Feb. 13: The Municipal Art Society celebrates Black History Month with a walking tour of Pierre Toussaint's New York. Toussaint, a 23-year-old slave, arrived in New York in 1797, a refugee from the revolution in Saint-Domingue. He went on to become a society hairdresser and philanthropist - a one-man social service agency. Word around town in antebellum New York was "go to Toussaint" if you were down and out. The Catholic Church says he practiced heroic charity and his cause for canonization is in progress. Join urban historian James A. Sullivan as he follows Toussaint's footpaths in Lower Manhattan, from Wall Street and Trinity churchyard to Reade and Franklin Streets. The tour will conclude at Old St. Patrick's Cathedral where Toussaint was buried in 1853. Time: 11 a.m. Meeting place will be sent with ticket purchase. Tickets: $30; $20 (MAS members). For more information and to buy tickets, click here.

Ongoing: "Cerámica de los Ancestros: Central America's Past Revealed" displays 155 ancient objects from the National Museum of the American Indian's rarely seen collections of Central American ceramics. The exhibition examines seven regions representing distinct Central American cultural areas that are today part of Belize, Costa Rica, El Salvador, Guatemala, Honduras, Nicaragua and Panama, where Central America's first inhabitants lived. Dating back to 1000 B.C., the ceramics help tell the story of the innumerable achievements of these ancient civilizations, each with unique, sophisticated ways of life, value systems and arts. Through December 2017. Place: 1 Bowling Green. The National Museum of the American Indian is open daily from 10 a.m. to 5 p.m., and on Thursdays, until 8 p.m. Free. For more information, click here. For a video related to the exhibition, click here.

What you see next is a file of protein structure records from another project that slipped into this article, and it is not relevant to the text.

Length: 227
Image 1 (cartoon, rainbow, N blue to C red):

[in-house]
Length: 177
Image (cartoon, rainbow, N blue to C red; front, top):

Ongoing: The annual Battery Park City Parks art show displays artwork created by participants of all ages in the Battery Park City Parks art programs. Place: Battery Park City Parks Conservancy, 75 Battery Place. The exhibition will be on view weekdays, 2 p.m. to 4 p.m., through March 31. Free.

Ongoing: "America in Circulation: A History of US Currency Featuring the Collection of Mark R. Shenkman," an exhibition at the Museum of American Finance, showcases around 250 rare examples of American paper money accompanied by large, interactive touch screen displays. From Colonial times, American money has told a fascinating story of the country's struggles and successes. Often local and national currencies competed and coexisted with each other, while economic depression, war and counterfeiting drove constant advances in design. The exhibition spans the period from the Colonial era to the present day. Highlights include rare examples of currency bearing the signatures of signers of the U.S. Constitution and Declaration of Independence; a complete set of notes from the Educational Series of 1896, renowned for being the most beautiful paper money in American history; and rare examples of high denomination notes including $5,000 and $10,000 bills. Through March 2018. To see an online version of the exhibition, click here. Place: 48 Wall St. Museum is open Tues.-Sat., 10 a.m.-4 p.m. Admission: $8; $5 (students and seniors); free (museum members and kids 6 and under). For more information, click here.

Ongoing: The Skyscraper Museum's exhibition, "Ten Tops," surveys all buildings in the world today, completed or under construction, that are 100 stories and taller. Of these 24 towers, the exhibition focuses on 10 (plus a few more), zooming in on their uppermost floors to see how they were designed and constructed. Through February 2016. Place: 39 Battery Place. Hours: Noon to 6 p.m., Wednesdays to Sundays. Admission: $5; $2.50 (students and seniors). For more information, click here.